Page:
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The curriculum at the Rhode Island School of Design lacks instruction in emergency medicine and search and rescue techniques, but creative RISD students are still finding ways to get involved with disaster relief in Haiti after the Jan. 12 earthquake. The administration has tried to coordinate these student efforts and has also worked to support a RISD student working in Haiti during the earthquake.

"The way in which people support (fundraising efforts) is from a much more artistic standpoint" than at other schools, RISD freshman Andreas Nicholas said. Instead of conventional charity events, RISD students are planning a 12-hour drawing marathon, a satirical musical and a silent art auction. The proceeds of all of the events will go to organizations already established in Haiti, such as Partners in Health, the American Red Cross and Doctors Without Borders.

RISD Dining Services organized a "Cakes for Quakes" drive, selling decorated cupcakes to raise money, and will try to sell its products at some of the student-organized events.

The Residence Life Office held one of the most profitable events at RISD thus far, a Haitian food sale that earned $1,000 in 40 minutes. A Web site set up for the RISD community to send money to Partners in Health has raised $2,970 as of Wednesday afternoon.

Few students have elected to directly assist rescue efforts in Haiti.

"Our skill sets aren't valuable to go down there right yet," said Natalie Hogan, the program director for student life.

Still, some students, like RISD senior Lisa Butler — who studies Haitian Creole at Brown and visited the struggling nation twice prior to the quake through the Haiti Charity Hope Foundation — hope to provide more direct support. Butler said she would like to go back to Haiti as early as this April.

Another student group, Alternative Spring Break, had planned to visit Haiti over spring break, but has had to defer the trip, said Don Morton, the director of student life.

Third-year student Nathalie Jolivert was in Haiti when the earthquake struck. According to Morton, Jolivert is safe and currently in Florida, while her mother is being treated for foot injuries she sustained during the quake. The architecture major's father died during the earthquake, but she hopes to return to College Hill this weekend, said Jolivert's roommate, senior Christina DeOrchis.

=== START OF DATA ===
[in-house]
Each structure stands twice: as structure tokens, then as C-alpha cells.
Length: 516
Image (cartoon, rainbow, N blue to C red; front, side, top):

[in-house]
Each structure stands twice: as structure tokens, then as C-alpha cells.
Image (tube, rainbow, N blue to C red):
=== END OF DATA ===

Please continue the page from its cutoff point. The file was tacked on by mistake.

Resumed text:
During a few panicked days, neither the RISD student body nor administration knew if Jolivert was safe, Morton said. The Office of Multicultural Affairs finally located her through a Facebook post.

"They reacted very well and very fast," said DeOrchis, who only found out that Jolivert was alive two days after the earthquake.

She said a lot of students — not just those friendly with Jolivert — have joined the effort to aid Haiti.

"I know who Nathalie's close friends are, and they're involved, but there are a lot more people who are helping," she said.

Butler, who does not know Jolivert personally, said she did not decide to participate in Haitian relief efforts simply because a RISD student was there. Instead, she thinks that even without a personal connection to Haiti, most students would have helped.

"I've been surprised by how much people want to help," she said. "It's seemed like people really want to be committed for the long haul."

The RISD student body showed a strong interest in working to assist Haiti, Hogan said.

"I've seen a lot of students who I've never seen before come into (the Office of Student Life) to get involved," she said.

While Nicholas appreciates the efforts that both students and administrators have made to help Haiti, he said that more should be done.

"I wish there was more student-to-student, student-to-administration collaboration," he said. "Everything is so scattered."

Nicholas said he has found it difficult to work with other students to organize events, even though the Office of Student Life is trying to coordinate students' efforts.

The office put together a Web site and a blog for students to use to collaborate, and it also provides funding and structure to student initiatives. Right now, administrators are trying to rework existing events to become fundraisers for Haiti. For example, "RISD: The Musical" was already scheduled to run on Feb. 26 and 27. The Office of Student Life decided to give it funding to cover set design and other costs, so that all the proceeds from tickets to the satirical show would go toward Haiti relief efforts.

The Office of Student Life continues to try to bring students, administration and faculty together through the new Web sites it has created, Morton said, preparing for the end of RISD's winter session in mid-February, when the full student body will return to campus.

Both Morton and Hogan said they hope to include Brown students in future fundraising efforts.

While the Office of Student Life is working to control on-campus activities at RISD to support Haiti, several RISD alumni have also started independent fundraising efforts.

Studio Number One, led by creative director Shepard Fairey, a 1992 graduate and graphic artist, is selling T-shirts for $15. According to its Web site, the shirt's full retail cost will go to UNICEF. The studio also donated artwork to a Music For Relief album that will fund Haiti disaster relief.

Aaron Perry-Zucker, who graduated from RISD in 2009, has started an Internet forum to collect graphic designs to raise money for Haiti and promote awareness of the disaster.


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